Costed herds perform despite hot summer and high input prices

Margins over feed costs reached highs across the board in the year to 31 March 2023 for Kingshay costed dairy herds.

The average margin over purchased feed (MOPF) was £2,865 a cow and 33.87p/litre, with all systems far exceeding the previous year’s £1,920 a cow and 22.71p/litre averages.

These were the most positive results since the series began in 1998, in terms of both  margins and efficiency, said Kathryn Rowland, senior farm services manager with Kingshay.

Year-round housed units produced the highest margin a cow, with low- to moderate-yielding organic herds leading on a pence-per-litre basis.

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However, the widening of the gap between the top 25% performers and those in the lower 25% bracket continued.

Price and performance gaps

“The gap between the top and bottom quartile of those within the same systems widened again, showing the potential to improve performance within an existing system rather than switching to an alternative,” said Kathryn.

Benchmarking against similar farms would help with this, alongside focusing on meeting the requirements of milk contracts, she suggested.

The gap between the top 10% and bottom 10% of prices reached a peak differential of 16.2p/litre in February, with producers in Scotland suffering the worst prices on a regional basis.

Feeding 3,197kg over the milk year, the bottom 25% of producers used 917kg more concentrate a cow than their higher-performing counterparts.

The average gap in MOPF/litre for the top and bottom quartiles of grazing-based herds widened from 8.7p/litre last year to 12.9p/litre in 2022-23.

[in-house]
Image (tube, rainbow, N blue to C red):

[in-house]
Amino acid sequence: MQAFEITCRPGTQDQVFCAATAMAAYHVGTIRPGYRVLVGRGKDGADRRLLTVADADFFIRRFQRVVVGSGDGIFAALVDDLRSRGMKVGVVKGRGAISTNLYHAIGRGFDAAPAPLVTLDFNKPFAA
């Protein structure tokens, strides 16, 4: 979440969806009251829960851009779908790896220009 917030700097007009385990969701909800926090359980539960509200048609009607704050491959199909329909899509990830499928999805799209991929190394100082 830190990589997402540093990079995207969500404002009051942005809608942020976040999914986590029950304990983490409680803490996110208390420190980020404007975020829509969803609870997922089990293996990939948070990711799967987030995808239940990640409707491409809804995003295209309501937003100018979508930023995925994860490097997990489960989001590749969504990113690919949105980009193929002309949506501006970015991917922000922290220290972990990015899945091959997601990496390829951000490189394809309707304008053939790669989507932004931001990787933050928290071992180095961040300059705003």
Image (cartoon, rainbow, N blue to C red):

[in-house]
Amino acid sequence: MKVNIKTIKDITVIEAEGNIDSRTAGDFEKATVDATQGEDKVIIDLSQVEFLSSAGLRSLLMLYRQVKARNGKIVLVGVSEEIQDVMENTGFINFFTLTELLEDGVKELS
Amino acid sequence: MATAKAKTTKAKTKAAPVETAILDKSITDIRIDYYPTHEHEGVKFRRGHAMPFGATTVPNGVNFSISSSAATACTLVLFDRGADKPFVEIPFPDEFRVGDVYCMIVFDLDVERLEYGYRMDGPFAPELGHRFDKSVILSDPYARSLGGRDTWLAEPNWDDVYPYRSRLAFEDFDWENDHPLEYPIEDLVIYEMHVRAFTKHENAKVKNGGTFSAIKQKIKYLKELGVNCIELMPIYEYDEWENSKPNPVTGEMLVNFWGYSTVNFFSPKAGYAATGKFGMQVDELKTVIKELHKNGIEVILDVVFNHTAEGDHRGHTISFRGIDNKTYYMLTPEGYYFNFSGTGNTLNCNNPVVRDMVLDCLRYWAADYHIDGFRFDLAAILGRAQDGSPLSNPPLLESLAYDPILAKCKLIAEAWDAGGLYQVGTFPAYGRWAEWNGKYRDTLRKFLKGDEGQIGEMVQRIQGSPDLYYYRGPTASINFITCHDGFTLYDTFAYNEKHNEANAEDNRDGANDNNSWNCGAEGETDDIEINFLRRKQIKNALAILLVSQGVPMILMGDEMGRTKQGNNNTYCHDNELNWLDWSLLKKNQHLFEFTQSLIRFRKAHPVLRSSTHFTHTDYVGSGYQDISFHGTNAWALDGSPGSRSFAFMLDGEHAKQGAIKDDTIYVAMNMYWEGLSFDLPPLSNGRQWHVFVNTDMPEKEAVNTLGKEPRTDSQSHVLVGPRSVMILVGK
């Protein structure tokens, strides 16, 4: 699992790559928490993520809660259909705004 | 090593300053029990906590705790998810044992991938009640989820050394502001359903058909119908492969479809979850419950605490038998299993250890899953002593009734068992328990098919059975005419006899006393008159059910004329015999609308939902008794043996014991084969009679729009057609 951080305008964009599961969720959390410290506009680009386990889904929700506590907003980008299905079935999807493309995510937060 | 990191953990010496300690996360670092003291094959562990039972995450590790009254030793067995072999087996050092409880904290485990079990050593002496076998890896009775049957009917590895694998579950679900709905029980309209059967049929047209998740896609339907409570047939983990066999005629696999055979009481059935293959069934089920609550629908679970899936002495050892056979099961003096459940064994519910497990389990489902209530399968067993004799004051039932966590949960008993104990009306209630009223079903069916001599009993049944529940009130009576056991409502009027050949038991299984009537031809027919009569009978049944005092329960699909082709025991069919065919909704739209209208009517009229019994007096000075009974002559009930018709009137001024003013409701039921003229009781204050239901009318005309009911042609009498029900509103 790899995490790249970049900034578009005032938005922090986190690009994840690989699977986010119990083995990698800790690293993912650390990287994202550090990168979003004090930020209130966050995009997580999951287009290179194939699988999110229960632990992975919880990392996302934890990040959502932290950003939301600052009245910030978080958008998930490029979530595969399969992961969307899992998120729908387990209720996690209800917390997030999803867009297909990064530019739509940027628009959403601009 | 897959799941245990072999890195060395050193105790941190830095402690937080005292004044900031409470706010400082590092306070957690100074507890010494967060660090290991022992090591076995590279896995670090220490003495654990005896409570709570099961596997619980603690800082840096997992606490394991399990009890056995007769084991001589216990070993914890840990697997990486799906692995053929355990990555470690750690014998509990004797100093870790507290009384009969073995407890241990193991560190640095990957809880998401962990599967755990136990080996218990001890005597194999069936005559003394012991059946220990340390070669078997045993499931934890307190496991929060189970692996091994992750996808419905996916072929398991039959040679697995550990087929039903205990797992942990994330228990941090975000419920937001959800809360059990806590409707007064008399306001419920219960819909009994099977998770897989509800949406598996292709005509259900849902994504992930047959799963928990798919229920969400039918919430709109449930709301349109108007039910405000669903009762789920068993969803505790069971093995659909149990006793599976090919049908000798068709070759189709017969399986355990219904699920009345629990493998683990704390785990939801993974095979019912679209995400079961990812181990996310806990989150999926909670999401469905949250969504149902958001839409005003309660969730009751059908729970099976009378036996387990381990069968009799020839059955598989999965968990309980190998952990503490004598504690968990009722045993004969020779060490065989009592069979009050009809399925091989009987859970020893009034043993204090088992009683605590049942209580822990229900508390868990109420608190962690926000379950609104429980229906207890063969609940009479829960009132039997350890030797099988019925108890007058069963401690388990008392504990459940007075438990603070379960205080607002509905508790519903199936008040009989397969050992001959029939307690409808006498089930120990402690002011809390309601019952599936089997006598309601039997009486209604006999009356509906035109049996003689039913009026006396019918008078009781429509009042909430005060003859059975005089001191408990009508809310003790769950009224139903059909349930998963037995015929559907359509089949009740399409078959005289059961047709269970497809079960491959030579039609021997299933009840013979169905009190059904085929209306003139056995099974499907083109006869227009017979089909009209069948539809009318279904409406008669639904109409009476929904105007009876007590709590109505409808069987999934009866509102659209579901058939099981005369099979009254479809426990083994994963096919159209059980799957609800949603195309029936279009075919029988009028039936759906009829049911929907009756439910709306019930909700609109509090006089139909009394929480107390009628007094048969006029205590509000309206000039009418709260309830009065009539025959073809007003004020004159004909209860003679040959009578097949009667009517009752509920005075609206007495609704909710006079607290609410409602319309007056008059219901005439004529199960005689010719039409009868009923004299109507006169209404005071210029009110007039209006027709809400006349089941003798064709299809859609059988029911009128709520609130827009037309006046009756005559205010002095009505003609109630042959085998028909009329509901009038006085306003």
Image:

In the mainly housed herds, where the focus is on margins a cow, the gap widened from £705 to £980 a cow.

Yields static

Ten-year trends show herd size continuing to grow, but yields stagnating since 2020, averaging 8,458 litres a cow in 2022-23.

This was possibly down to a greater effort to improve herd health and reduce cow stress rather than focusing on production alone, said Kathryn.

The hot summer of 2022 meant milk from forage dropped a few litres, to average 2,776 litres a cow, although some organic and top-performing conventional herds maintained performance on this measure.

The weather also affected fertility, with cows not displaying obvious oestrus cycles.

This pushed average days to first service from 69 to 75, with high milk prices leading to a £5.89 a cow a day cost for the longer calving interval.

Heifer trends

The annual report included heifer trends for the first time and found 62% of herds not hitting the age at first calving target of 23-25 months.

Also, just over half of cows left the herd in their first three lactations, before they had fully paid for the cost to rear them.

“This can have a big effect on carbon footprints,” said Kathryn. Fertility accounted for 24.9% of cows leaving the herd


Milk prices have already lost more in the first half of 2023 than they gained in the second half of last year.

Concentrate prices are still relatively high and virtually all other costs are up, so budgets are looking challenging, said Kingshay development director Richard Simpson.

“The milk price is a lot lower and it’s an uncertain outlook. There’s also an environmental challenge on the horizon, with slurry investment needed.”

Kingshay costed herds – key points

Year ended 31 March 2023

  • Average herd size 217 cows compared with UK average of 160 cows (England 166, Wales 164, Scotland 208, Northern Ireland 124)
  • Analysis of five conventional systems – spring calving, block calving (grazing focus), block calving (housing focus), year-round calving (grazing focus), year-round calving (grazing focus) as well as two organic models – low/moderate yield and high yield
  • Top per-cow average margin over purchased feed (MOPF) of £3,058 achieved by block-calving herds with housing focus
  • Top per-litre average MOPF of 39.71p achieved by spring-calving herds
  • Highest milk yield from all forage in organic herds – 3,302 litres in high-yielding organic group
  • Highest milk yield from all forage in conventional herds – 3,219 litres in block-calving herds with housing focus